If you work alongside web developers and designers or find yourself in the market for a new website, chances are that you’ve heard buzzwords such as “reactive”, “interactive”, and “responsive” used to describe features on modern websites. While all three words are related in everyday English, each term means something vastly different within the context of web design.
Why might a web developer charge extra for reactive, interactive, and responsive features? If a template is responsive, does that mean it’s also reactive or interactive?
When you hover over this sentence, it changes color. However, I bet that before you started reading this paragraph, you’d already glanced at since they were blinking this whole time (and will only stop if you hover over them).
Each one of these effects was triggered in response to an action that you, the user, took. In other words, interactive features rely on the user’s interaction with the device in order to provide visual feedback, guide the user, or illicit an emotional response (more on this here).
Interactive elements are everywhere and they play a key part in making sure that users have a positive and stress-free experience on your website. In fact, the most effective interactive elements and animations are subtle and not really noticed at all. A website where you have to wait for every paragraph to bounce or twirl onto the screen before you can continue reading is more likely to be perceived as annoying or distracting rather than “cool”.
Good web designers know how to add interactive elements to a site. Great web designers are purposeful in adding interactive elements. With an understanding of basic human psychology (especially in areas such as attention/focus and emotion), a web designer can use interactive elements to turn a boring corporate brochure website into a friendly and helpful experience. Being purposeful could mean the difference between building user-friendly websites and tossing a few interactive elements on a page for some extra flair.
For more information on creating purposeful UI animations, you should check out Val Head’s streamcast, “All The Right Moves“.
Responsive Web Design is perhaps the most important concept that you should familiarize yourself with. With the rise of tablets and smart phones over the last 10 years, you can access the internet from anywhere and view websites on a range of different screen sizes. Web designers have to account for this by planning how the website will look on screens as small as an iPhone 4 and as large as a widescreen computer monitor. No matter how the browser window is resized or which device is being used, the website still needs to adapt so it can look just as good as it did on the designer’s desktop monitor.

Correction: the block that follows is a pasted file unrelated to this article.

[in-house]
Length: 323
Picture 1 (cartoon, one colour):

With the rise of smartphones in the late 2000’s, many different words were thrown around to describe website templates that adapted to the size of their browser window. Designers used terms such as “fluid”, “liquid”, “flexible”, and “elastic”. It wasn’t until 2010 that an article was published by Ethan Marcotte that popularized the term “responsive”. By 2014, the number of users on mobile devices outnumbered users on desktop computers and building responsive web templates was no longer an option, but a necessity.
So, what does building a responsive website entail? Besides resizing and readjusting the main content so that it remains uncluttered and easily readable on a small screen, designers need to consider how the page menu will be accessed when there’s not enough room on the screen to list every link. Clickable icons and hyperlinks need to be large enough that anyone with large hands can easily select them on a smart phone without triggering a different element on the screen. Pages can’t be too long or mobile users may spend a ridiculous amount of time trying to scroll down (or back up to the top) which could potentially cause them to get bored or frustrated and leave the website. Interactive elements that rely on using a computer mouse to “hover” and trigger an effect may not work as intended from a touch screen (such as the animations I put in the “Interactive” section of this post).
…and that’s just the tip of the iceberg!
One of the ways designers perform responsive template wizardry is through the use of “media queries”. The media queries check things such as how big the browser window is and then apply different styling depending on what the designer wants for certain window sizes. For instance, I’ve applied a couple of media queries to a box below. If you resize your browser window, the color of the box will change when the window reaches specific widths.
Over the last couple of years, you may have noticed how websites such as Facebook no longer require you to refresh the page in order to update and view the number of unread notifications for your account. Instead, the number automatically updates, sometimes with a sound or animation to notify you.
Reactive features are constantly checking a website’s server for changes. As soon as a reactive element detects a change in the information being stored on the server, it sends a signal to your browser window to make the update to just that one section of the page so you can view the change as it happens without having to reload everything. Most elements on a website check the server only one time: when the page is loaded.
Nowadays, reactive programming is everywhere. Google Docs is a perfect example of reactive programming since multiple people can edit the same document from different computers at the same time and the changes are instantly registered and displayed on all screens.
- Responsive: adapting layouts to a variety of screen and window sizes.
- Interactive: elements that react to your actions on the site.
- Reactive: automatically checking and updating data from the server without refreshing the website.
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